Situational Language Teaching (Oral Approach)
The Oral Approach or Situational Language Teaching is an approach developed by British applied linguists in the 1930s to the 1960s. It is little known by many language teachers although it had an impact on language courses and was still used in the design of many widely used EF/ESL textbooks in the 1980s such as Streamline English The Oral Approach and Situational Language Teaching relied on the structural view of language. Both speech and structure were seen to be the basis of language and, especially, speaking ability. This was a view similar to American structuralists, such as Fries. However, the notion of the British applied linguists, such as Firth and Halliday, that structures must be presented in situations in which they could be used, gave Situational Language Teaching its distinctiveness.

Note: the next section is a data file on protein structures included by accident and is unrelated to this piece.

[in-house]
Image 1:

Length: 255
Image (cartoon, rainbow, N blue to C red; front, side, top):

Vocabulary and grammar control
One of the outstanding features of the method is its emphasis on vocabulary and reading skills learning. This led to the development of principles of vocabulary control. Frequency counts showed that a core of about 2000 words occurred frequently in written text and that a mastery of such an inventory would lead to better reading skills. Likewise, it has been believed that an analysis of English and a classification of its principal grammatical structures into sentence patterns (or situational tables) could be used to assist learners to internalize the rules and sentence structures.
Situation Language Teaching held a is behavioristic stand to language learning. It dealt with the processes rather than the conditions of learning. These processes include three stages: 1. receiving the knowledge or material
2. fixing it in memory by repetition
3. and using it in actual practice until it becomes a personal skill. The principles of the behaviorist theory of learning can be summarized as follows: • language learning is habit-formation
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